Rhode Island's public records law is abysmal, which means inadequate checks on cops, politicians, and bureaucrats — not that we've ever had trouble with authorities abusing their power in this state.
Colonel O'Donnell, commissioner of the state police and top bird at the department of public safety, which also includes the sheriffs, the capitol police, and the fire marshal, tried to make a bad law even worse this year.
O'Donnell proposed new regulations that would seal off witness statements — critical tools in evaluating the merits of an investigation — from public inspection.
Only after an outcry from the media and other open records advocates — and a nudge from the attorney general's office — did he ease up. But the substitute regulations he put forward don't seem much better.
Those regulations are on hold for now. Advocates remain vigilant. And access remains tight.DAN WHEELER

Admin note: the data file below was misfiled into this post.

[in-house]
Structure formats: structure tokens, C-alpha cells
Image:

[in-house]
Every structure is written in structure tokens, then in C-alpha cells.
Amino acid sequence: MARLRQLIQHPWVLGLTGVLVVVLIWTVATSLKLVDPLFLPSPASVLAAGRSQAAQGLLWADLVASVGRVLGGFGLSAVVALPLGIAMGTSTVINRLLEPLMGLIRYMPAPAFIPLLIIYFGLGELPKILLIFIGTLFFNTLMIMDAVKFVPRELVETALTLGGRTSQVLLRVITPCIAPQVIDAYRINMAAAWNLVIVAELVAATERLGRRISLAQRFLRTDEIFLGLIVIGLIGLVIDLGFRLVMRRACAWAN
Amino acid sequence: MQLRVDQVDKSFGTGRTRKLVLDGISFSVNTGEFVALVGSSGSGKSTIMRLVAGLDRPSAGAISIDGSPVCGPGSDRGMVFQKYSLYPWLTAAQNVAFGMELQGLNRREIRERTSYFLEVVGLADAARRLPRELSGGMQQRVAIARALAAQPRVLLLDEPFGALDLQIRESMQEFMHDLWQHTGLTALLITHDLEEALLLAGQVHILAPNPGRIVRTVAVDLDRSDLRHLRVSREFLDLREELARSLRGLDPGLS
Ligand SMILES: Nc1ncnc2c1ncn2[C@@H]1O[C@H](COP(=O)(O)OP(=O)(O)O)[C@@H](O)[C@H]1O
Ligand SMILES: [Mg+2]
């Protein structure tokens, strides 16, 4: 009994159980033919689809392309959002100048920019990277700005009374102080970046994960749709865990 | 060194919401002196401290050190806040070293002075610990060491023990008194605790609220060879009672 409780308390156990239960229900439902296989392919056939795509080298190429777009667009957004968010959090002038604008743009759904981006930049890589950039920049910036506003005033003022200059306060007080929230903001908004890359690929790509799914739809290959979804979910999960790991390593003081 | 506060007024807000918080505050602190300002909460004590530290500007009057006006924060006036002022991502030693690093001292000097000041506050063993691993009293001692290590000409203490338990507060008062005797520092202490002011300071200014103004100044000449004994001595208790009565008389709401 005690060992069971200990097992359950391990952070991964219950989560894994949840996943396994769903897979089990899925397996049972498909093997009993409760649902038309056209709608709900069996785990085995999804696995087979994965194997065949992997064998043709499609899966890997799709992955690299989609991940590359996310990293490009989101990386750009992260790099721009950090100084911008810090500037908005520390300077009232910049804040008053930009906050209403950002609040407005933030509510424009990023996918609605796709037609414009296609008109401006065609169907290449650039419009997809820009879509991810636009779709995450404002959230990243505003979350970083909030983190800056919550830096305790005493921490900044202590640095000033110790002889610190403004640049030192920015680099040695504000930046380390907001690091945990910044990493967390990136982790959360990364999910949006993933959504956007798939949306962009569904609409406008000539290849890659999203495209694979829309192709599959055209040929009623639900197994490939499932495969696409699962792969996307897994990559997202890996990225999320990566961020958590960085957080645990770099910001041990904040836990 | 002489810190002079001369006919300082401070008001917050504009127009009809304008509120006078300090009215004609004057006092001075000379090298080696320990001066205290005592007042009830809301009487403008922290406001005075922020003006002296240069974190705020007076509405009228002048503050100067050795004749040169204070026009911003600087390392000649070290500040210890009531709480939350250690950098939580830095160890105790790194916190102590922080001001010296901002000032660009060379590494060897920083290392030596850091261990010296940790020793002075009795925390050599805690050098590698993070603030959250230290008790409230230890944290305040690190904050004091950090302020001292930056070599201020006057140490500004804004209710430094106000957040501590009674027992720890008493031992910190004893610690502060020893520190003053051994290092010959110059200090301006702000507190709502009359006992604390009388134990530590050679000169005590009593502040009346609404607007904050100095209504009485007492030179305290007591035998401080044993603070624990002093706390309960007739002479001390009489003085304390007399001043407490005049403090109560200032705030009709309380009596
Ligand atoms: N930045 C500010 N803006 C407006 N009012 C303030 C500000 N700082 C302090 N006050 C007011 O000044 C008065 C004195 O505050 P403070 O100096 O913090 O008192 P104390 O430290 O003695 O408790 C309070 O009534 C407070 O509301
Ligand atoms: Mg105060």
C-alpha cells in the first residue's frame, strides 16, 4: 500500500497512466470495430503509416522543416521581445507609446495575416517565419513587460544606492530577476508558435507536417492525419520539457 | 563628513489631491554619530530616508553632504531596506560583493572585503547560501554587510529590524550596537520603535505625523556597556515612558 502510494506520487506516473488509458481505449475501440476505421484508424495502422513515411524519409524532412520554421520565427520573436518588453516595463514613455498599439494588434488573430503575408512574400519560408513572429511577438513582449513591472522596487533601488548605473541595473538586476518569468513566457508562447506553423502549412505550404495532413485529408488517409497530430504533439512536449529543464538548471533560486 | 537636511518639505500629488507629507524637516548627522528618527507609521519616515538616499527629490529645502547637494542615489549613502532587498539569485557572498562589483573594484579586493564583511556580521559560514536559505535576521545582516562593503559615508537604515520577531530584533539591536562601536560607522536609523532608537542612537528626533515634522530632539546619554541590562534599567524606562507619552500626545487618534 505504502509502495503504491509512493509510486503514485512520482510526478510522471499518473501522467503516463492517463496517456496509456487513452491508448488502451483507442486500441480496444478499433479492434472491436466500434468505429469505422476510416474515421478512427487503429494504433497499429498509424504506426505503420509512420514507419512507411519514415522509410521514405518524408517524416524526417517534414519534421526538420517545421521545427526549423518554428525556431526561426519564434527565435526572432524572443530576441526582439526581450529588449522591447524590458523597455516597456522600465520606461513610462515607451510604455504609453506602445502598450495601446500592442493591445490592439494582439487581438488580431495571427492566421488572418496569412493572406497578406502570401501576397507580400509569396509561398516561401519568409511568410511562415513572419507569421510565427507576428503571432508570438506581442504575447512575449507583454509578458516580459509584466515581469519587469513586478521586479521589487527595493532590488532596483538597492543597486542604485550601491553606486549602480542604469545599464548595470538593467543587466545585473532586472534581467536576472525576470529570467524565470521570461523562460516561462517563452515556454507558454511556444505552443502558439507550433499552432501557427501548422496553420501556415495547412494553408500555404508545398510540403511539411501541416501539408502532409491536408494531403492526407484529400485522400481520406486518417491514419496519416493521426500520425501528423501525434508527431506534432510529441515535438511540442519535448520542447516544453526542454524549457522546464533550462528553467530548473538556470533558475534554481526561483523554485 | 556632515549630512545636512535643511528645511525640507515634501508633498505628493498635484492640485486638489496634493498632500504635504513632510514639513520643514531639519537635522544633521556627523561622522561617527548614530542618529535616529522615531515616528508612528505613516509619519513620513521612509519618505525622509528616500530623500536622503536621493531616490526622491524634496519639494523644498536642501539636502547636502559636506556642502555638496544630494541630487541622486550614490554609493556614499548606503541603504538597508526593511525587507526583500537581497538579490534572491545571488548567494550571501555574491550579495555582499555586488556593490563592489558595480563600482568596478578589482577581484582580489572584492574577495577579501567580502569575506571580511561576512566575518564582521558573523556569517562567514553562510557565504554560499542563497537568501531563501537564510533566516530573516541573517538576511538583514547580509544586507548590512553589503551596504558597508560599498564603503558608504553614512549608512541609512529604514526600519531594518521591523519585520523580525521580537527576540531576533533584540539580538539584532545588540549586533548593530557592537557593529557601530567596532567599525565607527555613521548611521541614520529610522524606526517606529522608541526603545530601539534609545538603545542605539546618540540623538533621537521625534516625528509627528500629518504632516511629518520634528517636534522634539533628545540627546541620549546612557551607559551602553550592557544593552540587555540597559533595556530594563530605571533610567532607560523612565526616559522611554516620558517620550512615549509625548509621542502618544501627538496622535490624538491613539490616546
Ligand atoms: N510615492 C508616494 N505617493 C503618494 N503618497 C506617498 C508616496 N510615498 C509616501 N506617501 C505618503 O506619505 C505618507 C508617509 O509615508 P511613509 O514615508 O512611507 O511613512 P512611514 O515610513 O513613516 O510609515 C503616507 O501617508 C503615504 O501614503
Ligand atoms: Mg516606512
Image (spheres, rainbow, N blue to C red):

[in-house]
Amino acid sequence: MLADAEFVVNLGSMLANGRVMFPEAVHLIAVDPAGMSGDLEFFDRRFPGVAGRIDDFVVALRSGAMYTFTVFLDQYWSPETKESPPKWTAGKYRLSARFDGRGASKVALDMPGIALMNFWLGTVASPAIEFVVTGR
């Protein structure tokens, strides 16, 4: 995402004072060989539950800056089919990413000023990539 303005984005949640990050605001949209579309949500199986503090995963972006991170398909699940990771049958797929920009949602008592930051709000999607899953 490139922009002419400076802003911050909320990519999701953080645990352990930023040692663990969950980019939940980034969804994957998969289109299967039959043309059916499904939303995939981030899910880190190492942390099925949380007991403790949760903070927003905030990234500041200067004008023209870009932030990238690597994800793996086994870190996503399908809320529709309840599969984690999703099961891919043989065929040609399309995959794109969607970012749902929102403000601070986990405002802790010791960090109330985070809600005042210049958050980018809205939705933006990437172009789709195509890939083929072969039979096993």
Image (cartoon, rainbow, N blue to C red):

All right, all right, this one is a stretch.
Wheeler, a Rhode Island native who pitched for the Red Sox this year, had a poor season — but not a dismal one.
And the hurler, as far as we know, wasn't downing beers and munching on fried chicken in the dugout with Messrs. Beckett, Lester, and Lackey while the team embarked on the worst end-of-season collapse in baseball history.
Come on, a turkey eating fried chicken? That be fratricide.
Wheeler, truth be told, didn't even play after September 7 because of a forearm injury, giving him some distance from the team's epic implosion. But the Phoenix couldn't print its annual turkeys issue, in good conscience, without calling out the Sox. And Wheeler was the most prominent Rhode Islander available.
Sorry, Danny. Thems the breaks. Gobble, gobble.
To see the 2009 and 2010 turkeys, go to providence.thephoenix.com/turkeys.